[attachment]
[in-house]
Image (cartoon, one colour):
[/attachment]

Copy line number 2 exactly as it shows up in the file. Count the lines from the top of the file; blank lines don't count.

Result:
Image (cartoon, one colour):